Originally published at rscpp.co.uk:

Autumn colors It hardly seems like five minutes since those first days of summer sunshine but now, as the days slowly begin to get shorter and colder, it’s time for many to think about returning to reality – whether that’s work, school or university. Autumn can be a difficult period of transition between summer and winter, but it needn’t get you down. We asked RSCPP therapists for their advice on how best to mentally prepare yourself for September.

Embrace change

“As August moves towards September, many of us feel reluctant – psychologically unprepared for summer’s departure, with its inevitable passage towards autumn,” says Accredited Counsellor and Psychotherapist Jaimie Cahlil.

“While some delight in autumn, and feel able to welcome September as autumn’s gentle gateway, others do not. Perhaps there are past associations, such as the freedom of school summer holidays ending as September arrives.”

If you experience reluctance, he adds, “you may find it helpful to acknowledge how our seasons create flow and fluctuation, variety and difference in our lives.”

Accredited and Registered Counsellor Mo Cahill adds: “Despite the anticipation of post-summer blues for many people, September can instead be anticipated as a time of new beginnings: new school term, new year at uni or perhaps a new job.”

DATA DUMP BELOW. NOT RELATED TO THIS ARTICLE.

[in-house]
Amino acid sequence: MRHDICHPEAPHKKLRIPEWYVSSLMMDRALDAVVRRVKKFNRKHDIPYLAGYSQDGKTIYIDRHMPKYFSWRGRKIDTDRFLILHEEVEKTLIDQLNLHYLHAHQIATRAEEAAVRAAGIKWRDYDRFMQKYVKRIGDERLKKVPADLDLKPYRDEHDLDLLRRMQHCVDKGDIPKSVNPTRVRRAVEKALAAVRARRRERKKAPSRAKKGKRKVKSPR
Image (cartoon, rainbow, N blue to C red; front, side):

In many ways, she suggests, autumn can be treated like the start of a new year – a time for fresh starts: “It’s a good time to make new plans for any changes that might be beneficial: exercise, new hobbies, new routines for autumn and winter.”

Equip yourself against the winter blues

Of course, that can be easier said than done, and accepting the coming of autumn may still prove difficult. “The end of summer can be a little sad for all of us; gone are the long evenings and the warmth of the sunny days,” says Chartered Counselling Psychologist Marina Claessens.

“However, it can be a particularly tricky time for those who suffer with recurrent depression as the longer hours of darkness can trigger low mood.”

If that is a problem for you, she says, “it may be worth investing in a medically certified sun or SAD lamp. This can help with limiting the detrimental effect of the dramatic difference in daylight that we in the UK experience between summer and winter.”

Mo adds: “Rather than catastrophising about the lack of light, it’s important to remind yourself that there is a natural rhythm to the seasons and it’s always cyclical, so it’s not permanent!” Talking through coping strategies with a therapist may also be helpful ahead of the darker days, to equip you against low mood and negative thoughts.

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